Introducing the Banya Journal

Dear Banya Family and Friends,

Hello, and I hope that you are well. My name is Ekin Balcıoğlu and I am very excited to write to you about our new publication The Banya Journal— a literary celebration of our community of bathers, soakers, sweaters, and dreamers.

You might know me as one of the Platza Masters at Archimedes Banya, or, perhaps, simply “The Turk”. Additionally, I am an artist and a healer originally from Izmir, Turkey and I received my BA (Honors) from Central Saint Martins in London and my MA in Visual and Critical Studies and MFA in Fine Arts at the California College of the Arts in San Francisco. I grew up around the practice of hammam and am a lifelong ofuroholic with a strong belief in bathing’s capacity for rejuvenation. I have spent years quite literally immersing myself in the great water cultures of the world.

I came to Archimedes a little over a year ago after moving from NYC and I desperately needed to soak and sweat. The saunas were hot and I felt my soul begin to thaw as I observed a larger-than-life employee giving a strong platza to another man. They spoke Russian to each other and even though I don’t speak the language, I felt the diversity of cultures and people melting together. I immediately embraced the remarkable blend of past and present traditions and knew that Archimedes held a special place in the collective hearts of its community. I will dive deeper into the history of Archimedes in my next issue which will include an interview with our founder, Dr Mikhail Brodsky.

The Banya Journal is a space for us to collectively explore the physical, mental, spiritual, and social aspects of banya culture and build connections between each other and water. Through a series of essays, interviews, and musings, I will plunge into both the traditional and contemporary practices of bathing culture so we may reconnect with water even when we are not at the Banya. But first it’s important to understand the importance of the banya throughout history.

The architectural and cultural significance of the bathhouse is immensely fascinating and I love studying the great authors on the topic. One of the most monumental architectural theorists, Sigfried Giedion, had this to say in  Architecture and the Phenomena of Transition: “The way in which a civilization integrates bathing into its daily life, as well as the type of bathing it prefers, yields an insight into that period.” Giedion adds in Mechanization Takes Command, “The role bathing plays within a culture reveals the culture’s attitude toward human relaxation. It is a measure of how far individual well-being is regarded as an indispensable part of community life.” This is certainly true for our community at Archimedes, particularly when it comes to creating a habit of self-care. In Baths and Bathing in Classical Antiquity, Fikret Yegül, an architect and Professor of the History of Architecture at the University of California Santa Barbara, writes “Bathing in the ancient world, especially the world of the Romans, went far beyond the functional and hygienic necessities of washing. It was a personal regeneration and a deeply rooted social and cultural habit — in the full sense of the word, an institution.”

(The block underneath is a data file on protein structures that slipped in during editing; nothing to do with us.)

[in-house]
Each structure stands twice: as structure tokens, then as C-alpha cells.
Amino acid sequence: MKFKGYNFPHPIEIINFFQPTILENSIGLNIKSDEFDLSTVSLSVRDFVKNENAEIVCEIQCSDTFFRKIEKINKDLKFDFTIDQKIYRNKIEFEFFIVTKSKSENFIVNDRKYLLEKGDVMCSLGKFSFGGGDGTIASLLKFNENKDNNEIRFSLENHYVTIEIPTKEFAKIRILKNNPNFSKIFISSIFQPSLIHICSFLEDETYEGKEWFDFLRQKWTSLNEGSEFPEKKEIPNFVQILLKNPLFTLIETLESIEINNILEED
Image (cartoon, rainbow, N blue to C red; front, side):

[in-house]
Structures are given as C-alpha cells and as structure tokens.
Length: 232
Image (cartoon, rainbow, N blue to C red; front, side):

In Taking the Waters, Alev Lytle Croutier captures the essence of my personal relationship with bathing as a “ritualistic communion with water”. Croutier writes that “While most societies developed different ways of creating physical contact with water, incorporating the philosophy and temperament of their people and their environment, they always seemed to have the same elements in common — spiritual, hygienic, therapeutic, and social.”

To me, the banya is a place I can create a ritual around relaxation and well being. It is also a place of many extremes, and not just temperatures. The banya invites a wide spectrum of people of all shapes, sizes, colors, and orientations that have decidedly lived many lives. The Japanese have a term — brothers in the skin — that refers to the affiliation created amongst a community of bathers. I think Jane Withers, the curator of Soak, Steam, Dream: Reinventing Bathing Culture an immersive exhibition at the 2016 London Design Festival, put it best when she said, “unlike the contemporary spa — almost invariably a place of privilege and luxury — the bathhouse has more inclusive roots.” I completely agree and I am proud to work at Archimedes where the cultures of the world meet to bathe.

If you’re reading this, you already know that Archimedes is a special place. My hope with The Banya Journal is to chronicle the impact Archimedes Banya has on its community and its significance amongst the world’s greatest bathhouses. To that end, I would love to hear your thoughts, ideas, prayers, and input on where this publication can go. Like our cherished Banya, The Banya Journal is open to all beings and I am looking forward to seeing what we create together.

With metta and sweat,


Back to writings